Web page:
For reasons explained elsewhere (see, e.g., this post and that one), I am among those dreaming of a post-growth society. Of course, it is not entirely clear what a post-growth society would look like, and even less is known about the road there. Still, many people around the world–for instance those coming to Leipzig in September for the 4th International Degrowth Conference–agree that one of the greatest problems of the current societal-economic model is that it is heavily dependent on economic growth. And that at least the first steps towards it should be done soon, for the longer we wait the more we put our civilisation at danger of collapse of one kind or another. Nevertheless, there are numerous obstacles that hinder the urgently needed transition. In what follows, I would like to present three reasons why a post-growth society is not within reach, which are related to three aspects of human psychology: laziness, narratives and conservative inertia. Continue reading

Historical Dynamics of Growth Critique

Since the beginning of modern economic theory’s history, which set off in the second half of the 18th century, economic growth was one of the most central themes, creating controversies over and over again. The emergence of modern economics, identified oftentimes with the publication of An Inquiry Into the Nature and Causes of the Wealth of Nations by Adam Smith, coincided with the onset of an exceptional process in human history: until the late 18th and early 19th century, economic growth had been a temporary intermezzo at best, not a general pattern of socio-economic development of human societies. Then, around the time when Smith wrote his book, a new pattern gained momentum, economic growth becoming a matter of course. However, the perception of growth and its limits has evolved over time Continue reading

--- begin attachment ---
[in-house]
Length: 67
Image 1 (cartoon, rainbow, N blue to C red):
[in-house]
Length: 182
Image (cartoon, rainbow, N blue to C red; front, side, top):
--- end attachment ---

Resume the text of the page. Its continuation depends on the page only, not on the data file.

Is Geo-Engineering a Viable Solution to Climate Change?

In a few months the Rio +20 conference will be held. This means that 20 years have gone since world leaders agreed on an unprecedentedly ambitious programme for global sustainability – including the first attempt to lay foundation for a global fight against climate change. During these 20 years, much has changed – unfortunately, mainly to the worse. We still find ourselves on the business-as-usual emissions trajectory – in other words, on collision course. Understandingly, this feeds calls for alternative approaches and solutions. One of them that gains ever more prominence is: geo-engineering. Continue reading

What Is Uncertain in Climate Economics?

One of the central problems of a majority of economic integrated assessment models of climate change is that they mostly ignore or at best underplay all the uncertainty around the problem they try to analyse. Meanwhile, these models are mostly presented in calibrated form, i.e. including concrete values for different variables – just what a cost-benefit analysis is expected to do. Even if there are some confidence intervals specified, they are mostly rather crude and are a kind of sherry-picking of “meaningful” uncertainties. However, the dynamics of the climate itself and the consequences of his changing are profoundly uncertain and full of feedback mechanisms. In the following I would like to present and discuss some major sources of uncertainty in economic climate modelling, arguing that it is even deeper than in “just” climate modelling and that the consequences for standard approaches are profound. Continue reading